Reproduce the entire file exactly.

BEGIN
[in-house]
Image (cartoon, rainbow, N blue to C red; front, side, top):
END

[in-house]
Image (cartoon, rainbow, N blue to C red; front, side, top):